Usually when a breakup occurs, so much attention is given to the main parties involved that others affected often become an afterthought. The Dipset movement suffered a divorce of sorts and almost all the focus has been given to the bad blood between Cam’ron and Jim Jones. Their story’s garnered all the attention, while their contractually obligated “children” (Juelz included) were left to their own devices. Seeking the studio over the psychiatrist’s couch, Ruga Rell is back with another batch of hard nosed lyrics on Get In Line Or Get Lined Up. Although he’s fully capable of creating an album on his own, a little more involvement from the parental units would have helped things greatly.
On “Shine” he pretty much admits it when he says “When will these niggas stop it?/I’m related through blood/but they treat me like I’m adopted/still, still your boy (shine).” Backed by a soul loop and vocal sample à la “Oh Boy, it sounds like he’s putting up a brave front while convincing he can carry on without his Dip Set brethren. A lot of the production present (“Ruga Rell,” “Shoot ‘Em Up,” “D.W.S”) tries to recreate the sound of the Dips in their heyday, but falls short sounding like an inferior re-creation (or leftovers from that time) leaving Rell to carry the album more on his own merits. “If I Die” is one of the few tracks that capture that epic feeling Dip Set tracks carried and Rell sounds invigorated as he spits on staying fly til he dies. At a brisk 2:13, it’s over way too fast and just like that the feeling is gone, as quick as it came.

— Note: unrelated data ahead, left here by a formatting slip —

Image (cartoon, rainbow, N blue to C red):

Lyrically, Rell is a capable rapper well versed in the hood tales and coke raps, but when forced to craft three verses for a song his punchlines are spread a little thin and they become predicable (both the good & bad ones). On “One Eight Seven,” he finds a menacing, brooding beat to compliment his gritty lyrics and steady flow. He actually makes the biggest impression on “Damn I’m Cool,” but unfortunately he’s rapping over Shawty Lo’s “Foolish” and truthfully Stephen Hawking would come correct on this beat. The same goes for his “Hardest (remix)” which features Lil’ Fame and Styles P, where Rell can take a brief respite from being the main attraction.
His other features (40 Cal & Young Buck) add nothing to the equation other than make Rell sound like a breath of fresh air on a couple tracks. Production is what failed him the most on this album as these bargain bin beats do nothing but shift focus on his predictable vocals. It’s like trying to stunt in an outfit from the thrift store and for someone who relies heavily on swag more than anything, it hurts. Left in the lineup by his lonely, he did the best he could, but there’s no one rooting for reconciliation between Cam’ron and Jim more than Hell Rell.